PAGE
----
BA:  Who do I write for? I write for the Goddess. Also, to be honest, I write to be read. I work hard to write well, but I don't want to write in a vacuum. When I'm writing well, Someone is writing through me. (We have this agreement. She provides the ideas, but I’m in charge of syntax and punctuation and I do all the editing.) In my career as a freelance writer and editor I have written a dogfood label, a shampoo bottle label, numerous user-hostile computer manuals (and a few user-friendly ones), and numerous columns for business magazines. I have edited aerospace proposals and the memoirs of a retired police chief. Whatever I do, I do it as well as I can, and when I'm editing, I try to help people not embarrass themselves in public.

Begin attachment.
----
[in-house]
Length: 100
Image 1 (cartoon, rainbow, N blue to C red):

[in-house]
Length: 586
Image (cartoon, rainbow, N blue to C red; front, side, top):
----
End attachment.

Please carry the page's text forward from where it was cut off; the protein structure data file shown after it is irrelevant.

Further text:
TWPT:  Any final thoughts that you would like to share with our readers about any aspect of being an author, a pagan or fellow traveler along this path?

BA:  Final words? I hope people will continue to buy my books and read them and perhaps find a bit of the Goddess and a bit of themselves in what I write.

[1] All but the last are described in Janet and Stewart Farrar's The Witches' God (Phoenix Publishing Co., 1989). For Om, see Terry Pratchett's Small Gods (HarperPrizm, 1992), a novel of Discworld